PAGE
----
Rocket Fired from Sinai Lands in Southern Israel

Posted April 12, 2017

The U.S. State Department is condemning in the strongest terms what it calls the "barbaric attacks" on Christian places of worship in Egypt after bombs at two Coptic churches killed more than 40 worshipers and police officers and wounded about 100 others on Palm Sunday.

The rocket landed in the Eskhol regional council, causing no injuries or damage, Israel's army said.

Israel closed its Taba border crossing to those departing for Egypt after its anti-terrorism office warned of an "imminent" militant attack there.

The closure will remain in effect until April 18, the day after the end of the Passover holiday.

Thousands of Israelis normally travel to Egypt's Sinai for the holiday. Under the closure, Israelis citizens will not be allowed to cross into the Sinai, but will be allowed to return to Israel through the crossing point.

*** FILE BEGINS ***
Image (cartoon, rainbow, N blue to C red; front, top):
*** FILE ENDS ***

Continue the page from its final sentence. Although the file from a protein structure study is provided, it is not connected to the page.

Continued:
Israel raised its travel warning for Sinai to its highest level, one out of four, signalling "a very high concrete threat", with a travel warning for the rest of Egypt at level three ("basic-level concrete threat").

President Donald Trump is joining in the worldwide condemnation of the church bombings in Egypt, and he says he is "so sad to hear of the terrorist attack" against the US ally.

This was one of the few times the Taba Crossing was shut down since its opening in 1982, following the Israeli-Egyptian peace deal.

The Israeli government statement says that intelligence information shows "increased activity by Islamic State" militants in Sinai.

It adds that with IS losing ground in Iraq and Syria, there is renewed "motivation to carry out terror attacks in different arenas at this time".

Just after 11:30 a.m. on Monday morning, the incoming missile alarm known as a "Code Red" sounded in the Negev's Eshkol region, near Israel's westernmost edge, at the border with Egypt and the Gaza Strip.

But an Egyptian journalist and author of a book on the Islamist insurgency in Sinai, Mohannad Sabry, was cited saying that Egyptian military was capable of controlling the Sinai. However, no organisation took immediate responsibility for the attack.